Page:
The Commons realizes Villanova's long-term goal of being a true residential campus. RAMSA designed the six interlinked residence halls to reflect the university's architectural character and encourage the kind of communal living that is a central tenet of their Augustinian tradition. Located on the bustling Main Line thoroughfare of Lancaster Avenue, the 425,000-square-foot Commons is one of the largest, most visible, and most transformative projects in Villanova's history.
Built on the challenging narrow site of a former parking lot, the Commons is a crucial connector between the university’s historic core and south campus. We scaled the buildings to reinforce the existing campus fabric and planned the complex to provide axial views of its most significant structures. Following Lancaster Avenue's curve, they define a series of linked semi-open courtyards accessed via connecting archways that invite movement across the entire eight-acre site. The protected outdoor spaces foster a sense of community among residents while bringing daylight into every student room.
Taking cues from Villanova’s historic architecture, the Collegiate Gothic residence halls are clad with hand-laid natural-cut granite and brick, and enriched by cast-stone details. These materials, found on buildings throughout the township, help create an impression that the residential complex has always been there – an idea that was important to University leaders. Inside, the Commons houses 1,135 students across traditional dorms and apartment-style units, enabling Villanova to comfortably house 85% of its undergraduate population on campus. The complex also offers new classrooms and student lounges, as well as a fitness center, “TechZone,” convenience store, and a full-service public restaurant.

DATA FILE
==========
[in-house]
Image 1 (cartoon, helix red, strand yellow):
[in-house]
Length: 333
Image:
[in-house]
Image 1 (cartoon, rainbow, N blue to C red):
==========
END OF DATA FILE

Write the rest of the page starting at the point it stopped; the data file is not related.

Throughout the design and planning process, RAMSA--with partner firm Voith and Mactavish--worked closely with committees representing university leadership, faculty, and students. We also discussed the project's impact with township residents, which helped us address civic issues like stormwater management and traffic safety. Rain gardens and cisterns collect and reuse up to 400,000 gallons of water annually, reducing runoff and providing sites for green infrastructure research. Community feedback also inspired the pedestrian overpass linking The Commons and the main campus. On axis with The Church of St. Thomas, Villanova, the bridge has become an unexpected icon. It’s a highly visible campus gateway and the most frequently shared image of Villanova on social media — making it a digital gateway as well.
Combined with the nearby Performing Arts Center and parking garage—designed as an ensemble by RAMSA—The Commons realizes the university’s long-time dream of expanding the campus across Lancaster Avenue. As University President Fr. Peter Donohue puts it, “you no longer drive past Villanova; you drive through it.”